Utilising the latest satellite and drone technology, CGI and conservation charity Project Seagrass have joined forces to support marine ecosystems – which are proving to be highly promising carbon sinks. By Nan Spowart


CLEAR waters surrounding the Scottish islands are 
helping provide information which will be used in the fight against global warming and the loss of marine biodiversity.

Images from satellites and drones are now being used to map seagrass meadows – which not only sequester carbon dioxide, but also provide valuable habitats for marine life and help combat pollution.

In the UK, it is estimated that up to 92 per cent of seagrass has been lost over the last 150 years due to industrial pollution in places like the Clyde and Forth estuaries.

Yet, while countries like Australia, the Netherlands, Sweden and the US have been working hard to restore seagrass in order to reduce their carbon footprint and boost fish stocks, little has been done in the UK until recently.

This began to change in 2013 with the establishment of Project Seagrass, a marine NGO which started in Wales and now has its Scottish base in Edinburgh. 

“It’s been estimated that Scotland holds 20% of the seagrass beds of north-west Europe and so with careful management it’s potentially a stronghold for the ecosystem,” said CEO Dr Richard Lilley. 

Initially, the aim of the charity was to spread awareness of the importance of seagrass meadows for their incredible biodiversity and global importance in supporting fisheries.

However last year their capacity to mitigate the effects of climate change helped to raise their profile, with some seagrass species globally thought to be able to sequester 20-30 times the amount of CO2 than land forests. 

As the charity has grown it has become more involved in restoration projects, specifically in the Firth of Forth and community projects in the West of Scotland, among others, to bring back these benefits to Scottish coastal waters.

As a small organisation, Project Seagrass does not have the capacity to identify all the seagrass meadows around the UK coastline and discover which have been the most damaged and are most in need of urgent restoration.

However, technology firm CGI has stepped in to provide the technology which will help map it accurately for the first time.

“It’s fantastic,” said Dr Lilley. “CGI have the capacity to look at the coastal seascape using satellites and, in collaboration with us, they will develop algorithms to help pick out the green and blue patches in the sea and identify whether they are seagrass meadows, kelp forests or ecosystems.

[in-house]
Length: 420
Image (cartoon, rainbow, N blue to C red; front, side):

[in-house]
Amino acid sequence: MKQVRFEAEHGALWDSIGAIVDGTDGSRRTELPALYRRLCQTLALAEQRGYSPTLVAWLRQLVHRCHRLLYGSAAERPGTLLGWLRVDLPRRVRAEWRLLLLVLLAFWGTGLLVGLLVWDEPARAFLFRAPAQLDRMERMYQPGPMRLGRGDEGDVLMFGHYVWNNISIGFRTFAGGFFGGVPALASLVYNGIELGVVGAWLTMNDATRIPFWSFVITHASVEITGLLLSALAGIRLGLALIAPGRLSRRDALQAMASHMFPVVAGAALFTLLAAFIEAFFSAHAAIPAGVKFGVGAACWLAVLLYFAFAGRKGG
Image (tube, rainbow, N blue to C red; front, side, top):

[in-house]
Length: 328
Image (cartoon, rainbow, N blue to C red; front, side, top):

“To have accurate maps will be good not just for government, but for the nation as a whole because these ecosystems stabilise the seabed, improve water quality, sequester carbon and support biodiversity and commercially important fish stocks. Using the information, we can work out what restoring seagrass meadows will mean, for example, in terms of rebuilding the fisheries in the Clyde - can we enhance our nation’s wealth by putting these habitats back?”

The initial satellite data is being “ground truthed” by sending out divers and drones to check it is accurate.

This has already been carried out in the clear waters around Westray in Orkney, and the information gained will be extrapolated to other clear water sites like the Hebrides, before being refined for areas with less water clarity like the Firth of Clyde and Firth of Forth.


SKY HIGH AMBITION: Dr Richard Lilley, left, and Associate Professor Richard Unsworth with a Project Seagrass drone.



“The potential is huge since this collaboration is also helping to build global knowledge into how to map seagrass using satellites,” said Dr Lilley. 

“As a small charity, we couldn’t begin to have access to the kind of computing power and expertise that CGI has. We have had these dreams of getting national seagrass maps but it is only through collaboration that we will be able to achieve that, especially in the short time scales we’re working to, because the next five or ten years are going to be critical.